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For Find Out Friday - How Did Our Family and Medical Emergencies Come to be Protected?

This week I had my scheduled dose of Botox. I receive forty-one shots every three months as treatment for my Chronic Migraine illness. Due to unforeseen circumstances beyond my control, there was a lag in my treatment and I was five weeks overdue. As a result the fatigue I get from this treatment has been impossible. 

While I am grateful that this works so well for me once it kicks in, it has me reflecting on my illness and the sacrifices is has caused over the last several years. An enormous saving grace was the Family and Medical Leave Act, referred to commonly as FMLA.

The Family and Medical Leave Act was passed in 1993 and signed into law by then President Bill Clinton. This federal law celebrated its twenty-fifth anniversary this week. It was the first major piece of legislation Clinton signed after only about three weeks in office during his first term.

The Family and Medical Leave Act guarantees employees up to twelve weeks of unpaid leave per year without fear of losing their job. This time off can be used for one’s own health related troubles, as was the case with me, or for those in your family whom you are taking care of. The most important part of this legislation is that there is no termination of your health insurance during this period even if you are off payroll.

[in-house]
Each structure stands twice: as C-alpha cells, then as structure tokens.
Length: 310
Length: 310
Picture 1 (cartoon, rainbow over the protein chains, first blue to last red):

New York State has recently updated their FMLA policy to include new parents who can take an additional eight weeks off of their leave in increments or as a whole. 

Many moons ago, way before my personal need to know all about the ins-and-outs of this law became necessary, I learned about this all important act via the Lifetime Channel. It was in a made for t.v. movie called “A Child’s Wish”. It stared John Ritter as a father who had a terminally ill daughter, portrayed by Anna Chlumsky. In the film Ritter has to choose between going to a job he desperately needs or being there for his daughter as her young life slips away. It is a choice no one should ever have to be forced to make. It is a kind of Sophie’s Choice that too many families have had to endure. 

In real life the parents in this movie, George and Vicki Yandle, had to deal with George’s firing after the death of their daughter Dixie. They fought tirelessly for the passage of FMLA and were standing next to President Clinton when he signed the bill into law. In an act of irony Dixie’s last wish to meet the then President was granted by the Make-A-Wish Foundation, and he even portrayed himself in the film. 

Though the FMLA made giant strides there is still much work to be done. FMLA works best for federal, state, and city workers, and private companies where there are over fifty employees. The details of the law are specific and depending on where you work require much to be in compliance. 
However in this day and age it is nice to be reminded of the protections we are guaranteed as Americans and those who had to suffer to make it all possible.

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